News: Still going strong: Caribbean-born Marine continues serve to corps
Story by Cpl. Kenneth Jasik
MARINE CORPS BASE CAMP PENDLETON, Calif. – Although Marines are considered America’s force in readiness, many Marines hail from nations outside the United States.
Gunnery Sgt. Jason A. Byron, communications chief, Headquarters and Service Co., Combat Logistics Battalion 1, Combat Logistics Regiment 1, 1st Marine Logistics Group, has dedicated more than 20 years to defending the United States, although he is originally from the small Caribbean island of St. Kitts.
The small island of St. Kitts is only about 68 square miles with a population of 40,000 people. Byron, 42 was born and raised on the island.
While he was in high school, Byron witnessed a rehearsal for Operation Urgent Fury, in which U.S. forces secured the Caribbean island of Grenada.
“I was in high school, and there was an amphibious landing on the beach, right there in the town, and I was impressed by their skill,” said Byron of the training evolution he witnessed. “I decided right then that one day I wanted to be a Marine. My grandmother was standing right there and she was like ‘yeah right.’”
After graduating high school, Byron moved to the United States with one mission: to join the Marine Corps.
“I moved to America in ’88, because my father lived here and he was a citizen,” he said. “So I decided to move over here to join the Marine Corps.”
Byron joined the Marine Corps in 1989.
During his first enlistment, Byron was an artillery Marine and deployed to Iraq in support of Operations Desert Shield and Desert Storm. Soon after returning to the states from his deployment, he became a U.S. citizen.
After his four-year enlistment, Byron wanted to change his military occupation specialty from artillery. Unfortunately, the Marine Corps was downsizing at the time, and he wasn’t given the opportunity to move. Byron left the Marine Corps for a year with the intention of returning in order to change his MOS.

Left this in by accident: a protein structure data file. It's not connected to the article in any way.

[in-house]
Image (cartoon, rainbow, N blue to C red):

After reenlisting about a year later, Byron trained to be a radio operator, and after placing within the top four in his class, he went on to an advanced satellite communications course.
Following the course, Byron served as a radio operator until he became a recruiter in 2004. in Chattanooga, Tenn., from 2004-2007.
“They knew from my accent that I was not American,” said Byron, who added that his Caribbean accent actually made prospective Marines more receptive to someone who was in the Marine Corps and not from the United States.
Today, as a communications chief, Byron still feels the same about the Marine Corps as the day he saw the mock amphibious landing in St. Kitts.
“I have the same enthusiasm,” said Byron. “It’s all about the Marine Corps for me now. I did 20 years already, and I’ve got my retirement soon. I have no complaints. I’ve gained a lot of skills, and I try to pass on what I know to the younger Marines.”